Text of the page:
Wild Minds Network

Where wild minds come to rest

Hi

We all suffer from this. Yes it can offer a temprary fix to so many problems. I am sure we do not what to daydream our whole lifes.

 

Can we stop this

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I can't stop by my own will. What helps me, is to concentrate on the real world and to accept my feelings. When I am sad, angry ashamed or have another uncomfortable feeling I try to accept it and to see it like an observer. Then I think: "Ah, this is how sadness (anger, shame...) feels like. This connects me with all the people in the world, because all the people in the world feel this from time to time."

Sometimes this helps, but it could not help me for good.

I think I will stop. Before I did not know what my problem was and thought MD was just helping forget the real problem neither did I know that MD is actually the problem! I felt tired all the time and thought I was maybe sick without realizing that I am always tired bcoz I live in two worlds. We can beat this if we actually admit that MD is not normal.

I think MD causes the Following

Depression

Tiredness

I think MD can kill you if not dealt with.

Hi I get your point and I feel the same way too but i feel one should try and face up to the real world and its problems. I am still young I believe and do not want to day dream my life away. I sometimes dont enjoy the happiness in my real life bcoz I am too consumed by the happiness in my fantasy.



Michelle Young said:

I guess it is all a matter of perspective.  I feel like daydreaming keeps me from getting depressed. There is a lot of depression in my family, and sometimes I feel like I walk that fine line. I really feel like daydreaming helps keep me from falling over the edge.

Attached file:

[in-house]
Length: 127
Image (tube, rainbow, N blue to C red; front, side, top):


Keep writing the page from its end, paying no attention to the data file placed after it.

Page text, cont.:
I actually like for daydreaming to help me forget my problems. Not all problems are fixable. I would rather take a break from my problems and focus on my world when I can. 

I have never thought that way of it before. Oh my goodness. I think of how dizzy and just "off" I am when I come out of a DD. If I don't do it before bed and just fall asleep - then I get up and I can barely walk for a few minutes. LIke I could black out. Sometimes it's like a euphoria or afterglow or something. But then it turns into a vertigo! That could actually be doing brain damage. I do notice that every year I feel like I'm losing intelligence. And memory. Wonder if it all could be related or a result of the DDing! Yikes.

Bonnie said:

I think I will stop. Before I did not know what my problem was and thought MD was just helping forget the real problem neither did I know that MD is actually the problem! I felt tired all the time and thought I was maybe sick without realizing that I am always tired bcoz I live in two worlds. We can beat this if we actually admit that MD is not normal.

I think MD causes the Following

Depression

Tiredness

I think MD can kill you if not dealt with.

Is this really curable? I would love to think that it is, however, people with Schizophrenia and Bipolar Disorder and asperger's, etc., can't beat their disorders. They are given medicine that may be able to lessen the severity of their disorders, but none of those are beatable disorders. And, MD is considered a disorder by psychologists. So, is it really beatable? I am sure that, if there was medication for what we have, there would be a possibility of lessening our yearning to daydream, but is there really anything we can do that would fully save some MD sufferers from MD? And, people with Schizophrenia and other disorders will never have the right mindset to beat what they suffer from. Do MDers really have the capability to do that? (I don't mean to compare MD to Schizophrenia. I am just using that as an example, because MD is categorized as a disorder, just like Schizophrenia, Bipolar, etc.)